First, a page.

Huge thanks to the many club-parent volunteers, coaches (Dianne Diamond, Katia Barton, Erica Vanderham), program assistants and club treasurer, Robert Risso, for their coordination of the event. And to the community of parents, family members, friends and skating fans, that came out to celebrate the beauty and joy of skating.

We graciously thank the following businesses and individuals for kindly contributing to the Starry Night Holiday Skate Performance and ultimately assisting the club to achieve its goal of providing exceptional skating to the Whistler community.

Thank you to Whistler Blackcomb Foundation, Ira Pettle (MC extraordinaire), Megan Yim, Whistler Singers and Children's Chorus, Nesters Market (generously donated all of the food), Bear Necessities (costumed our CanSkaters), Four Seasons Resort, Whistler Sports Academy – Kids and Kiddie Combo Camps, Whistler Olympic Park, Sproos, Nonna Pia, Pique Newsmagazine, Whistler Question, Resort Municipality of Whistler, Dana and Miro, Buns on the Run Cafe, Sea to Sky Gondola, Scandinave Spa, Slope Side Supply, Squamish Home Depot, Whistler Foto Source - Rick Clare, 3 Singing Birds, Green Moustache, Nicklaus North Golf Course, IGA, Adam Neilson, Whistler Happy Pets, Whistler Home Hardware, RDC Fine Homes, Whistler Community Church, Rocky Mountain Chocolate, The Old Spaghetti Factory, The Adventure Group, Diamond Head Dental, Great Glass Elevator, Hooked on Barn Board, Cabin Fever Gifts, Laurie Grant (silent auction organizer), Blenz, Ziptrek, and La Cantina.

For those inspired to learn to skate or improve your skating, register today for skating programs (CanSkate, Adult and Hockey Skills) starting in January 2018. For more information or to register for these programs, call 604-935-PLAY (7529) or visit www.whistler.ca/recreation.

Christine Zucht

Whistler Skating Club

Dance show success

The Pemberton Dance Studio would to thank everyone who attended How the Grinch Stole Christmas Christmas concert.

A big thank you from all the dancers goes to Angela Belsham, Cheryl Southall and Dan Cindric with Pemberton and District Community Centre, Linda Den Duyf with Sabre Rentals, Dave Den Duyf with Pemberton Community Church, Dean Feser with Whistler Arts Council and Kelly Kirkland with Two Rivers Meats.

The Pemberton Dance Studio would like to express a sincere thank you to all the parent volunteers who contributed above and beyond to the concert: Claire Fuller, Misun Lammens, the Booths, the Matts, Amica Antonelli and Jay Audenart, Robb Zirnhelt, Jeff Wilson and Tracy Graham, Russell McNolty and Erica Osburn, Anni Kolbe, Jana Grimshaw, Marie-Claude Godin, Tina Beks, Alison Beierlein, Darolyn Da Silva, Melanie Black and Jill Brooksbank.

Happy Holidays!

Anna Kroupina

Pemberton Dance Studio

Gala thanks

On behalf of the Whistler Freeride Club, we would like to thank the many businesses and community members that supported our fundraiser on Saturday, Dec. 16.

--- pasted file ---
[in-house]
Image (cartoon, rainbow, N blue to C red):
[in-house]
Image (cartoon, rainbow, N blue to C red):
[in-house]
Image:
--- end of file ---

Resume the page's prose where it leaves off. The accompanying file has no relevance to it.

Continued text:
It was a very successful event and will help to support our athletes, Olivia McNeill and Benjie McMaster, who will be competing at the Freeride Junior World Championships in Austria, as well as supporting those athletes who will compete at the North American Freeride Championships.

We would like to give particular shout-outs to Gibbons Hospitality and the Buffalo Bills team for hosting our event, the Four Seasons Whistler, Fairmont Chateau Whistler, The North Face, Showcase Snowboards, Helly Hansen, Ziptrek, Extremely Canadian and Salomon for providing exceptional gift packages, and a great big thank you to all the businesses who kindly assisted our silent auction — it is greatly appreciated.

Last, but not least, thank you to our amazingly dedicated coaches who share their passion for the mountains with our kids every day.

Charlotte Morrison, Sarah McNeill

and Kate Roddick

Whistler

Great support for Kenyan student

Our fundraiser at Creekbread Italian restaurant on Dec. 5 was a great success. We made enough money to sponsor our Kenyan bursary student — John Wachira — for a year of room and board and school in Kenya.

This continued sponsorship will provide John with the opportunity to continue his secondary education and go to post secondary school in the future. We had so much support from our students, school and community to help us with this fundraiser.

I would like to thank Creekbread restaurant and its staff. The opportunity Creekbread provides for groups such as ours to raise funds and public awareness is incredible. All the staff was wonderful — answering questions, helping us and taking an interest in our event. Special thanks to Tammy for walking us through the steps necessary to make the most of this great opportunity.

We would also like to thank the local media — Pique Newsmagazine and Mountain FM for advertising for us.

Thanks also to the staff and parents at Spring Creek Community School for taking an interest in the event, talking it up, coming to eat pizza, and bidding on or buying our beautiful Kenyan art work. We couldn't have done it without you.

Finally, to our PA-MOJA Club — thanks. Your enthusiasm, hard work, ideas and interest in learning about and supporting Kenyan students culture, and animals make me feel so lucky to be able to work with you.

Vicki Swan

Spring Creek PA-MOJA Club  

Comments

Subscribe to this thread:

Add a comment

© 1994-2018 Pique Publishing Inc., Glacier Community Media

- Website powered by Foundation